Meet The Google Employee Living Out Of A Truck To Save On Rent

Rather than pay sky-high San Francisco Bay Area rent prices, this Googler bought a truck and lives in there instead.

A Google software engineer in the San Francisco area who chose to save on rent by living out of a box truck says he's surprised by the amount of attention his story's received.

Brandon, who prefers to not release his last name, parks his truck near Google's campus. The 23-year-old University of Massachusetts Amherst alum joined the company in 2014 as a summer intern. At the time, he moved into a fully furnished two-bedroom apartment with three roommates. He told The Huffington Post that he paid about $65 a night while living there -- that works out to a monthly rate of roughly $2,000.

"I realized I was paying an exorbitant amount of money for the apartment I was staying in — and I was almost never home," he told Business Insider in an interview earlier this week.

So when Brandon accepted a full-time job with Google this year, he decided buying a truck would help him drastically cut down on the Bay Area's high living expenses. In May, he paid $10,000 to buy a 2006 Ford E350 with 157,000 miles on it, according to his personal blog, Thoughts From Inside the Box, where he's chronicled his living experience.

Insurance on the vehicle is $121 a month. He doesn't pay for electricity, and he can take care of showering, bathing and charging his gadgets in the Google buildings.


"I do have a 24-hour key card access to any building on the campus that I work at," he wrote, adding, "I try not to eat or drink anything after about 7:30 p.m. and I wash up and go to the bathroom right before I head out to the truck at night."

Besides a few inconveniences with bug infestations and a hole in his truck, Brandon makes it work -- especially since he mostly spends his time out with friends or working on personal projects after work until about 8:30 or 9 p.m.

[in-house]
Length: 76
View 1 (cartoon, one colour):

"The whole point of this experience is that a bed was the only part of a house that I needed, so if I was in here all of the time, I'd be doing it wrong," he wrote on his blog.

However, that has not stopped him from hosting a "truckwarming" party at a quiet park with friends.


Brandon estimates that if he'd rented a studio apartment near where he works, he'd be paying about $2,180 a month to live there. He created a formula to figure out his net savings on rent since he moved into the truck. Per his calculations, he broke even on his spending and saving this week. As of Friday morning, he'd tallied more than $325 in net savings, with the number increasing by the hour.

Brandon says his blog was initially intended to document his experience for his family and friends, but he's received an enormous amount of attention, which he described as "intense."

Many have applauded his frugality and his creative use of the resources available to him. However, people on Facebook and Twitter pointed out that Brandon's privileged position as an employee at one of the world's most profitable companies places him well outside the reality that many in the Bay Area face.

The region struggles with affordable housing and people experiencing homelessness -- a January report cites 7,539 sheltered and unsheltered people in San Francisco. The city is one of the most expensive place to rent in America, and the surrounding communities aren't exactly cheap. The median rent for a one-bedroom apartment in the city is $3,410, according to a January report by a real estate listing site Zumper.

Brandon acknowledged his unique situation, writing on his blog that people who live in their car out of necessity don't usually find themselves in the spotlight.

"Real homelessness is a systemic issue that doesn't get exposure because it's a decidedly uncomfortable topic," he wrote. "People barely scraping by working minimum wage jobs and living out of their cars isn't a news story, or particularly glamorous."

He included links on his blog to the Salvation Army and Homeless Voice as an encouragement to his readers to get involved with organizations combating homelessness.

"I felt it reasonable to dedicate a little section to addressing something far larger than the myopia surrounding my situation," he told HuffPost.


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